Up until the arrival of social networking sites on line, the only reading I ever did (other than assignments for school work) was science fiction and fantasy novels. I happily spent much of my life with my nose buried in good book or another, enjoying the stories as they unfolds. I didn’t understand the appeal of non-fiction books, and didn’t even have interest in “literature”, as such, preferring to escape from this world by reading about life on other planets, or in other times—worlds wherein humans had risen past their baser natures and founded cooperative societies that didn’t destroy their environments. However, over the past few years I begun reading the journals my friends posted over on LiveJournal, and expanded from there to following a few well-written blogs, and using Facebook to get back into touch with various people I’ve met over the years.
One such person with whom I’ve become reacquainted was a man who graduated from the same high school I did, a few years before me. I can’t claim to have been amongst his close circle of friends, but I liked and admired the “big kids” of his generation, who were always busy—active in community involvement projects, or just having fun hanging out with one another. As a result when I heard that he’d written a book, I asked him to send me a copy.
The Fate of Nature, Rediscovering our Ability to Rescue the Earth, by Charles Wohlforth is, in many ways, completely and utterly unlike those SciFi novels I’ve so enjoyed over the years, and yet, I found myself entirely entranced by the book, reluctant to put it down each night so that I could sleep. This is a fascinating book blending science and history, full of detailed, very personal, stories about the individuals who have made a difference, both positive and negative, in Alaska over the years.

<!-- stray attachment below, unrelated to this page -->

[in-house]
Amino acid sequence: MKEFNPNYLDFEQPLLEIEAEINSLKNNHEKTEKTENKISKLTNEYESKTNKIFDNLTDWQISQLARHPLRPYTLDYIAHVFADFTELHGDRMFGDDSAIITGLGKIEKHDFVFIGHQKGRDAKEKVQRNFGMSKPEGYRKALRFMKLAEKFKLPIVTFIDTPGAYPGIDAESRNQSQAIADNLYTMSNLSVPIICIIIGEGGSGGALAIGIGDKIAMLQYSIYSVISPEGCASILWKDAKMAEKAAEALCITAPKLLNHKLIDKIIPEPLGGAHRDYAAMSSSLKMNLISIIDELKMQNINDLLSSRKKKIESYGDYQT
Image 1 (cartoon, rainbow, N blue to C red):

The amount of research that it must have taken to tell this story is really quite amazing. He chronicles the factors in Western culture, and their changes over time that resulted in people being willing to come into a new area (like Alaska) and remove from it such resources as they choose to, without any regard to any damage they might cause in the process, nor any plan to leave any for future generations. He cites studies that claim that the competitive nature is inherent to humans, and that given our drive for short-term personal gain there is no other option save eventual destruction of all of the ecosystems upon which we depend. But he doesn’t stop there—he cites other studies which show that again and again many humans choose cooperation and helping one another in favor of selfish gain. He shares the personal stories of the people who have worked tirelessly to save one aspect or another of the environment and how they have succeeded in their goals. He tells of the cultural changes that have taken place which result in policy changes which give him hope that it is not too late—that we, as a species may yet choose to protect and nurture our world.
Reading this book led me through a series of emotions, from depression and disgust (reading vivid details I never knew about what happened after the Exxon Valdez oil spill will do that) to uplifted sprits and joy at all that is positive in “human nature”. Reading the personal stories of the people who made it happen is fascinating. Knowing that this person, with whom I went to school when I was young, actually knows so many of these people reminds me of just how small this world is—they say that we are all connected within six degrees, but sometimes the connections are even closer than one might think.
I recommend reading this book to anyone who wants to understand more about the science (everything from global warming, to earthquake studies, to psychological studies, to biology, and more) behind living on earth, and the stories behind the facts in the history books. This book is for everyone who has ever thought “gee it would be nice if our time period isn’t one of an extinction period to rival that of the K-T boundary”.